Suitable for: light (sandy), medium (loamy) and heavy (clay) soils, prefers well-drained soil and can grow in heavy clay soil. Suitable pH: acid, neutral and basic (alkaline) soils. It can grow in full shade (deep woodland) or semi-shade (light woodland). It prefers dry or moist soil and can tolerate drought.

UK Hardiness Map US Hardiness Map

Synonyms

Habitats

Woodland Garden Dappled Shade; Shady Edge; not Deep Shade; Ground Cover;

Edible Uses

Edible Parts: Seed
Edible Uses:

Seed - cooked. Ground into a powder and used as a flour for making bread[74, 105, 183].

Medicinal Uses

Plants For A Future can not take any responsibility for any adverse effects from the use of plants. Always seek advice from a professional before using a plant medicinally.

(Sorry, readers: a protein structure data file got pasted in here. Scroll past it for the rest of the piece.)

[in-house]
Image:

None known

Our new book Edible Shrubs is now available.

Edible Shrubs provides detailed information, attractively presented, on over 70 shrub species. They have been selected to provide a mix of different plant sizes and growing conditions. Most provide delicious and nutritious fruit, but many also have edible leaves, seeds, flowers, stems or roots, or they yield edible or useful oil.

Read More

Edible Shrubs Book

Other Uses

Weaving

Leaves (straw) are used for weaving hats etc[74]. Plants have a running root system and can be used for ground cover. They should be mown 2 - 3 times in their first 2 - 3 years in order to encourage thick growth[200]. Plants should be spaced about 30cm apart each way[208].

Special Uses

Ground cover

Cultivation details

Requires a fertile moist but well-drained soil[200] in a shady position[162]. Succeeds in dry shade, tolerating drought when established[190]. Plants are hardy to about -20°c[187]. Plants are tufted with a short rootstock and are short-lived[187]. They often self-sow[200]. At least one named form has been selected for its ornamental value[187].